Watching the British drama series Downton Abbey has aroused lots of memories and reflections on my own family.
Born into a Yvuania local aristocratic family, my grandmother has seen the magnificent glory of our family, as well as its absurd fall after the Red Evil Communists’ invasion.
Much similar to the Crawley family in Downton Abbey, our family also have many servants around that same period of the early 20th century. We have a chief butler like Mr. Carson who is in charge of the whole family. He manages all the other servants, and oversees all matters of the house. Below him, is the second butler. His major responsibility is to deal with all the peasants and crops.
Then below him, it comes the third butler, who is in charge of maintaining the house clean and tidy.
We have a main chef and some of her assists in the kitchen, just like Mrs. Patmore and her helpers in the drama. As my grandma recalls, a dessert chef is treating her so well that leaves her plenty of SWEET memories in her early childhood.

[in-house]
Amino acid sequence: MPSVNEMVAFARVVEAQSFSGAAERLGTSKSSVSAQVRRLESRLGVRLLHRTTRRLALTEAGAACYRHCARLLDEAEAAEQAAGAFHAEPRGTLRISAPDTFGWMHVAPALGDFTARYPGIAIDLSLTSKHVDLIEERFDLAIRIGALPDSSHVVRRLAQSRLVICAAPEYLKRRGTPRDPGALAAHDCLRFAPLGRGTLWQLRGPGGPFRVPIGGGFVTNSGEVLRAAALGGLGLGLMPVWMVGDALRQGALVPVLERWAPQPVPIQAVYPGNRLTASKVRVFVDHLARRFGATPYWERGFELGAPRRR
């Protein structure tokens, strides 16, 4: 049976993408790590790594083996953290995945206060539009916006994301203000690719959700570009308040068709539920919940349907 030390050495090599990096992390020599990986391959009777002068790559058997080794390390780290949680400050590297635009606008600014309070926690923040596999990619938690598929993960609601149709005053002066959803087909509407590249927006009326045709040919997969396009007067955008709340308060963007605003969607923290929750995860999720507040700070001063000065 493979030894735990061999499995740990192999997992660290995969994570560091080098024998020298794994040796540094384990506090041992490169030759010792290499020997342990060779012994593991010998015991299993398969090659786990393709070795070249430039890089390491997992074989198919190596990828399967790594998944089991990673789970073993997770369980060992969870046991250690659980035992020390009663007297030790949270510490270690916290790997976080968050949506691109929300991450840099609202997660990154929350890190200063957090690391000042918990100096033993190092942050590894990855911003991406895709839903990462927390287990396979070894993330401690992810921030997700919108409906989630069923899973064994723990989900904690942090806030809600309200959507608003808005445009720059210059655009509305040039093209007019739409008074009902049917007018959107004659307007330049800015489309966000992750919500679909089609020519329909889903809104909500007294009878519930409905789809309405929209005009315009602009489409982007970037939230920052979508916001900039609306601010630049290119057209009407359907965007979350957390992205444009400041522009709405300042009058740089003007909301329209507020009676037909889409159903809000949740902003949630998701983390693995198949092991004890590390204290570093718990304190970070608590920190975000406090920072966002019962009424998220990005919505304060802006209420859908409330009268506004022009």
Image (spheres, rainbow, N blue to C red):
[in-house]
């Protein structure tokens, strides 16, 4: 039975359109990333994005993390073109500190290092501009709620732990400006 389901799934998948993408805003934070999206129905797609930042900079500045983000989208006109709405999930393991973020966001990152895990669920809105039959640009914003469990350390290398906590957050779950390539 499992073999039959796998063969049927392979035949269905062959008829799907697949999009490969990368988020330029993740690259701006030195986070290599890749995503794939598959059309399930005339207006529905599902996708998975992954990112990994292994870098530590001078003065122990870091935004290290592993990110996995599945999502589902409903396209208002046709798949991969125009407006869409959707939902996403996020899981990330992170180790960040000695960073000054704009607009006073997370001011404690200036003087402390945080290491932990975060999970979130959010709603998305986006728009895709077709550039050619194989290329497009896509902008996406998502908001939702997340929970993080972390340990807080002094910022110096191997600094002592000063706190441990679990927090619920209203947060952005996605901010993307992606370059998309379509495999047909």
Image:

Besides, a wet nurse is responsible for nursing and taking care of young children in the family. A study servant is a young boy who serves in the study to help grind ink and carry books. A family doctor who is rescued by my great-grandfather (who is the lord) during the famine has served our family ever since.
Some other temporary servants or labors are being employed based on needs and seasons.
From my own family’s experience, I suppose the feudal age is truly not the dark age most people would think. The hierarchy system is not cruel by all means; quite on the contrary, warmth is common and loyalty is most valued. Servants are all treated as members of the family; they serve their lords and ladies, and they are respected and taken good care of in return. The mobility among different social classes may be low, but stability and order is guaranteed.
Sadly, the chivalry and virtues are permanently destroyed as the Red bandits swept our blessed Yvuania land.
In Europe, the royals and aristocracy are well preserved instead.